In “Prelude” we commence in the film proper, opening with a thunder clap in a storm swept sky. At 0:09 we segue into a tender Lennie’s Theme as we see an idyllic scene of rabbits and chickens frolicking. At 0:19 they suddenly disperse as George and Lennie flee for the lives from an armed pursuing mob. Surging waves by menacing horns irato erupt and propel the angry armed mob that is in hot pursuit. At 0:33 we a down shift into a flight motif as George coaches Lennie into a narrow drainage ditch where they take cover under the overhanging foliage on the leading edge. The pursuit music while still grim, loses its menace as we see the armed men leaping over George and Lennie, unaware of their presence and running on. At 0:54 the pursuit music shifts to woodwinds as we see George and Lennie desperately running to board a train in the town of Weeds. As they struggle to reach an open car the music gains increased urgency. At 1:15 we see some men sitting in an open car and the music shifts to a folksy melody borne by Jewish harp as George and Lennie climb aboard. As they pull the doors closed, we flow seamlessly into “Main Title”, a magnificent score highlight, which supports the roll of the opening credits that display on the train car door. The Jewish harp is joined by the repeating four-note opening phrases of the Tragedy Motif on violins. The melody shifts to woodwinds and the erupts at 1:48 for a fortissimo declaration by horns bravura with the orchestra churning with energy below as “Of Mice and Men” displays. Proud, unabashed statements of a marcia orgoglioso resound bringing drama and anticipation to the audience. At 2:53 a diminuendo of relief unfolds as the train slowly disappears and the screen fades to black.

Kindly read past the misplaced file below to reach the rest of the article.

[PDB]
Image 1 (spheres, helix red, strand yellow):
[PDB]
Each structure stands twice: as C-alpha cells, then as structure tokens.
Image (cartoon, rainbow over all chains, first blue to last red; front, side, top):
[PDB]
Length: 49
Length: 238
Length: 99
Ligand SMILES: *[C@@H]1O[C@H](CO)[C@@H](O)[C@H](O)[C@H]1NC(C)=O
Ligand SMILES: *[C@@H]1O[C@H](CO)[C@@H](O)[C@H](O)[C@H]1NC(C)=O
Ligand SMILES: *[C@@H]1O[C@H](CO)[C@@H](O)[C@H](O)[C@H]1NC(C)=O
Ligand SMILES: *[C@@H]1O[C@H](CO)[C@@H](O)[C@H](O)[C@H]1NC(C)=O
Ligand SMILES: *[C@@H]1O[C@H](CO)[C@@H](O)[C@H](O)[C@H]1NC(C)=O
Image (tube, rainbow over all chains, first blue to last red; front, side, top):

George and Lennie exit a bus and prepare to seek employment at Ranch No. 3, a long ten-mile walk. They decide to rest by a pond, quench their thirst, and cook some beans for dinner. “The Wood Scene”, which was dialed out of the film, offers a beautiful score highlight, which Copland intended to speak to the idyllic beauty of the pond and surrounding forest. It offers an oboe delicato led pastorale of Lennie’s Theme as they rest and quench their thirst in the lap of nature. The contrapuntal writing for piccolo and flute, and the peacefulness created is wondrous. Later, a frustrated George goes off on a tirade of how Lennie always gets into trouble, which requires him to bail him out. Lennie asks like a child for George to tell him again the story of the ranch they will own, and the rabbits and livestock they will have. Lennie is a classic case of arrested development, a child trapped in a man’s body. We see how dependent he is on George. We flow into “The Wood At Night”, which offers a score highlight. Copland offers a nocturne of sublime beauty where we are graced by a wondrous exposition of Lennie’s Theme as George and Lennie bed done for the night. We are graced by sublime writing for woodwinds with the soothing melody taken up by solo oboe tenero, and the flute supported by kindred woodwinds and strings gentile.